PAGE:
I just put in a Braun a few months ago. It is quiet and the light is plenty bright for a small to mid size bath. I kept it on a dimmer, but if you do not need to dim it a fluorescent lamp could be even brighter.
--
Joseph E. Meehan

26 + 6 = 1 It's Irish Math
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<< My wife likes the sound of the fan, so I'm thinking 1.0-2.0 sones would be great. >>
If sound doesn't matter, then pick a fan with the highest CFM rating. Most decent sized bathrooms work best with approximately 100 CFM units. In ant size rating there will be a variety of prices, but none are all that costly. Notice the difference in quality of the pricier ones, like plated hardware, better paint, etc.
<< Also, would the light in a fan/light combination be bright enough to act as the primary light source? >>
NO. You'll need auxilliary lighting over your vanity mirror. And consider one of the new night-lamp/outlet combos from Pass & Seymour-Lergrand (TM8HWL-ICC). It has a LED nightlamp set that will probably outlast your house. These are required in hallways by some building codes but IMHO they're handy as can be scattered all around the house in dark areas. They come in white, almond and ivory colors so far, but not brown or black,.so you may have to paint your own. HTH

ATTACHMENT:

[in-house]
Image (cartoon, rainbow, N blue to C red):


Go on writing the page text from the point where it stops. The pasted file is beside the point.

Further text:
Joe
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Perhaps I wasn't clear enough. She wants the noise; I don't want too much; hence my desire for 1.0 to 2.0. I was eyeing a .8 sones model at HD, but she said it was too quiet.

Yes, we're planning on that. We currently have a POS ceiling light as the primary, with auxillary lights alongside the mirror; I was wondering whether I could replace the primary with a fan/light combo, or if I should replace it with a light and add in a fan next to it. My big question there is how bright the lights are after being filtered through the standard glazing--since all the fan/light combos we saw had translucent white glazing rather than totally transparent, it's hard to know how bright a 100-watt bulb would look. Would the light from a fan/light combo be strong enough to act as a primary (not sole) light source?
Thanks again, -David
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David Gale wrote:

You have my pity. You must love her greatly to live with a woman who WANTS the noise. She's one in a million.